Why is a BSN Degree Program Worth It? – the Pros

(The following are the 15 main reasons why a BSN degree program is worth it.)

REASON #1: More Job Opportunities

The vast majority of employers prefer to hire candidates that have successfully completed a BSN program. Many job postings in the field of nursing list a BSN as a standard requirement for employment consideration. If a job listing does not specify a BSN as a criterion for being hired, chances are candidates with a BSN are still given preference over registered nurses with an associate degree. Increasing the likelihood of landing your dream job is a benefit that makes the BSN degree program worth it, especially if your ideal position happens to be a highly sought-after position to begin with!

I originally went the route of obtaining my ASN. I later went back to school to complete an RN-BSN bridge program. Upon graduation, I was eligible to apply to significantly more job positions within the field of nursing. Having my BSN opened the door for multiple opportunities that I wouldn’t have had otherwise.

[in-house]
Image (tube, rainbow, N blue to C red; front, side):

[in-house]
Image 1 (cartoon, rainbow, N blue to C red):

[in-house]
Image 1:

REASON #2: Higher Level of Compensation

As a BSN graduate, your earning potential as an entry-level nurse is higher than that of an ASN graduate. While an ASN graduate may start out with a salary of around $50,000, a BSN graduate may start out with a higher salary of around $54,000. According to the U.S. Bureau of Labor Statistics, the average yearly salary of a registered nurse with a BSN is $80,320.

Of course, this wage gap can vary depending on factors like certifications and specialty training. As for salary projections throughout your career, you must take into consideration contributing components such as your years of experience, selected industry, and geographical location.

REASON #3: Career Advancement

Not only does a BSN degree open so many more doors when it comes to applying for an entry-level position, but having your BSN will also give you opportunities for career advancement! A BSN degree will help you meet the eligibility requirements for advanced roles in leadership, management, and administration. You may have opportunities to work in roles such as charge nurse, unit manager, or director of nursing. The opportunity to take your career one step further and advance in your professional role is one of the top reasons why a BSN degree program is worth it!

REASON #4: Job Security

One of the main reasons I chose a career in nursing is that I knew that I would not have to worry about job security. With a growing family and the cost of living at an all-time high, knowing you have a dependable job and income is essential!